From Data Collection to Adoption: How Humans Help Medical AI Come to Life

Artificial intelligence (AI) seeks to mimic human cognitive functions at machine speed, rather than relying on preprogrammed behaviors alone. The rapid pace of development in the AI sector, empowered by massive funding by investors, is set to revolutionize healthcare and many other industries.

AI models may be applied to various types of healthcare data, including both structured and unstructured forms. For example, machine learning models can translate large sets of structured data into actionable insights that help practitioners make smarter decisions in less time, leading to better patient outcomes. More sophisticated models go even further to the point of assisting with complex medical processes like drug discovery, medical diagnoses, and precision medicine.

Yet despite the enormous benefits of AI in healthcare, substantial challenges remain. AI was born out of the need to maximize the untapped value in increasingly large data sets that are too big for manual interpretation. Bringing medical AI to life requires extensive preparation, training, and a workforce at all stages in the cycle of continuous improvement.

Here is what that process looks like with humans in the loop (HITL):

Stage 1: Design and Build

Data is the fuel for building and training an AI model, and it is required in enormous amounts. The more data available, the more accurate the model, and there can never be too much. In an area like medical AI, the need for accuracy is particularly great, and the scope for error is minimal. Moreover, there are additional challenges in acquiring healthcare data in the first place, due to privacy regulations like HIPAA. As such, the data must first be anonymized by removing all personally identifiable information before using it to train the model.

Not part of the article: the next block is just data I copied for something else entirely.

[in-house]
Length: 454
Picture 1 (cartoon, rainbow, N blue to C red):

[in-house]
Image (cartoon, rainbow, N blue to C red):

The first stage of AI model development is acquiring the data in the first place. Healthcare data is often visual, existing in the form of MRI scans and X-rays, and there are also many applications for NLP, all of which require specialized domain knowledge to interpret. That is why a human workforce is essential for preparing the data and teaching the model how to interpret it. For example, if a medical AI is to determine the progress of respiratory ailments like COVID-19, then it must be trained with large numbers of chest X-rays. During the design and building stages, these X-rays must be correctly annotated to teach the machine how to interpret them. Eventually, once the machine has been given enough accurate training material, it should be able to identify medical conditions on its own when scanning X-ray images.

Deploying humans in the loop (HITL) is essential during this process since the data must be manually collected, cleaned, and annotated. This ensures the data is relevant, up to date, and of a high enough level of quality to be useful in training the model.

Stage 2: Deploy and Operationalize

After the initial training phase, it is time to put the model to the test. This is where most failures occur, and it is only to be expected. In fact, 96% of failures occur during and after this phase, hence the need for ongoing testing and refinement. Because issues with data quality can mean the difference between sickness and health in medical AI applications, quality control is critical for ensuring the model is ready for use in real-world situations.